Orthosomnia: The New Sleep Obsession That’s Going Too Far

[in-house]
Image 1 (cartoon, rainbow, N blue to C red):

The sleep market is a $432 billion industry, and yet we’re still not sleeping. Now, scientists believe it’s because of orthosomnia. We’ve all heard of insomnia — the inability to fall asleep and stay asleep — but few have heard of orthosomnia, which is an unhealthy obsession with getting perfect sleep. In other words, people have become so obsessed with getting just the right amount of sleep that they’ve enlisted the aid of numerous sleep devices designed to track and evaluate their sleeping habits. There’s just one problem: They’re actually destroying their sleep by becoming too dependent on these devices. It’s estimated that 10% of U.S. adults use a wearable fitness and/or sleep device on a regular basis. Unfortunately, most doctors agree that they’re not very accurate at distinguishing between time actually spent asleep and time spent in bed. Sometimes, a sleep tracker may bring to light an issue that its owner wasn't aware of, but for most people it just turns into an obsession and actually defeats any attempt to get a good night’s sleep. Doctors recommend listening to your body, not your tracker. The mistakes most people make are simple ones: watching TV before bed, eating or drinking too close to bedtime, having a bedroom that’s too warm, or having devices in the bedroom such as phones and clocks that emit blue light. All these things interfere with the body’s ability to regulate sleep, so start there if you want to track down the culprit.